September 8th, 2014 | Uncategorized
The City of Philadelphia Mural Arts Program is the largest public art program in the United States. The mission statement says, “Our process empowers artists to be change agents, stimulates dialogue about critical issues, and builds bridges of connection and understanding. Our work is created in service of a larger movement that values equity, fairness and progress across all of society.” My exposure to murals in Philadelphia did not prepare me for the murals in and around Belfast.
Initially, I viewed the murals as a symbol of the terrible violence between the Protestants and Catholics in Northern Ireland’s past. I could not imagine that these images had relevance in the communities to this day. My exposure to murals as positive and inspiring images for communities to rally behind made it difficult to fathom that these pieces of artwork represented hatred and violence.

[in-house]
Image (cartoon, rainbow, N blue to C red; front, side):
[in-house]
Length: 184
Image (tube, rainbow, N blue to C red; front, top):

We delivered equipment to community centers in Carrick Fergus, a neighborhood where police will rarely enter, and Woodburn. One of our mentors brought us to a mural (the bottom image on this collage) that was painted only two weeks ago. It symbolized the paramilitary that existed in the community. I was in denial of this truth, even though the images regularly showed masked men with guns, it was when Mark told us that these were not only a thing from the past that I fully comprehended the meaning and significance of these public displays.